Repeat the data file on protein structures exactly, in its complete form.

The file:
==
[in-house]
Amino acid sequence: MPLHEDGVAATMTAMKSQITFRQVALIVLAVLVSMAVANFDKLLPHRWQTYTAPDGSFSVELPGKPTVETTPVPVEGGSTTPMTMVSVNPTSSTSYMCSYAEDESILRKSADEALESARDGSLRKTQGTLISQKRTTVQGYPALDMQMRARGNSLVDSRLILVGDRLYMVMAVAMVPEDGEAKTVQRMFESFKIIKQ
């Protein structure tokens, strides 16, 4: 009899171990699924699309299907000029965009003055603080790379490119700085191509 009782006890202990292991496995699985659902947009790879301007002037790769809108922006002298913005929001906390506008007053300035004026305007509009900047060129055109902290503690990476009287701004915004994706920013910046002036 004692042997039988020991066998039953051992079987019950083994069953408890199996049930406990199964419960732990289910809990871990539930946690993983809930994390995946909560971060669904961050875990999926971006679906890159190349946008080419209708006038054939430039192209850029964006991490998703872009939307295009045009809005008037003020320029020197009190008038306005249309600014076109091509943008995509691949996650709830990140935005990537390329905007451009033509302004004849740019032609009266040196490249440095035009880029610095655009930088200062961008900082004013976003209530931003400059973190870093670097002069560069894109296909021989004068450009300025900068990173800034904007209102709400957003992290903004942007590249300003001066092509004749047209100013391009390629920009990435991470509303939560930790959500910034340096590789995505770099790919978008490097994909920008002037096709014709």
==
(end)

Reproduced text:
[in-house]
Amino acid sequence: MPLHEDGVAATMTAMKSQITFRQVALIVLAVLVSMAVANFDKLLPHRWQTYTAPDGSFSVELPGKPTVETTPVPVEGGSTTPMTMVSVNPTSSTSYMCSYAEDESILRKSADEALESARDGSLRKTQGTLISQKRTTVQGYPALDMQMRARGNSLVDSRLILVGDRLYMVMAVAMVPEDGEAKTVQRMFESFKIIKQ
């Protein structure tokens, strides 16, 4: 009899171990699924699309299907000029965009003055603080790379490119700085191509 009782006890202990292991496995699985659902947009790879301007002037790769809108922006002298913005929001906390506008007053300035004026305007509009900047060129055109902290503690990476009287701004915004994706920013910046002036 004692042997039988020991066998039953051992079987019950083994069953408890199996049930406990199964419960732990289910809990871990539930946690993983809930994390995946909560971060669904961050875990999926971006679906890159190349946008080419209708006038054939430039192209850029964006991490998703872009939307295009045009809005008037003020320029020197009190008038306005249309600014076109091509943008995509691949996650709830990140935005990537390329905007451009033509302004004849740019032609009266040196490249440095035009880029610095655009930088200062961008900082004013976003209530931003400059973190870093670097002069560069894109296909021989004068450009300025900068990173800034904007209102709400957003992290903004942007590249300003001066092509004749047209100013391009390629920009990435991470509303939560930790959500910034340096590789995505770099790919978008490097994909920008002037096709014709």